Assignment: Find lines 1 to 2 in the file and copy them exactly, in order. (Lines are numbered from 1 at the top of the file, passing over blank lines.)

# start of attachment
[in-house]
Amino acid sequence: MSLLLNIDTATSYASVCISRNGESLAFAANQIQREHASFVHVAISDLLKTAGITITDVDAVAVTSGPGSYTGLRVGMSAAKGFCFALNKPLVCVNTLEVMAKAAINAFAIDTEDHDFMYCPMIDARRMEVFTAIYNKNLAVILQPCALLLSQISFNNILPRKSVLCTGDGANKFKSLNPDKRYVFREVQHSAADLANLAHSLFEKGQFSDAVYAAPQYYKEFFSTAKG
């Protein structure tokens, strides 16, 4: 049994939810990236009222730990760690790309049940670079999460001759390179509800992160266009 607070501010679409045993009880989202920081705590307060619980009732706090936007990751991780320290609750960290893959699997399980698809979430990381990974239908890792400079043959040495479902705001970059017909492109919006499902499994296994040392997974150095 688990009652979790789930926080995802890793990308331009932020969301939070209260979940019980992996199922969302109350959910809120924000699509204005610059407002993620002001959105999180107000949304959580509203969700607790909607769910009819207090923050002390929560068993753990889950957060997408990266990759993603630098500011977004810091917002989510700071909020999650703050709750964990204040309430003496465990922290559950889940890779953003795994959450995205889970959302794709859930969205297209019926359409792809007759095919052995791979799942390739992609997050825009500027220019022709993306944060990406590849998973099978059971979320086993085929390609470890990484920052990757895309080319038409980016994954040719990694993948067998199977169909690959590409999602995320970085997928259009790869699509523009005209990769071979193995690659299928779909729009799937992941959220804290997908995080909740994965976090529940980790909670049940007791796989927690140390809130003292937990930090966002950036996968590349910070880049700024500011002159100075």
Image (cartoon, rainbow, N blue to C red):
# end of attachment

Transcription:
[in-house]
Amino acid sequence: MSLLLNIDTATSYASVCISRNGESLAFAANQIQREHASFVHVAISDLLKTAGITITDVDAVAVTSGPGSYTGLRVGMSAAKGFCFALNKPLVCVNTLEVMAKAAINAFAIDTEDHDFMYCPMIDARRMEVFTAIYNKNLAVILQPCALLLSQISFNNILPRKSVLCTGDGANKFKSLNPDKRYVFREVQHSAADLANLAHSLFEKGQFSDAVYAAPQYYKEFFSTAKG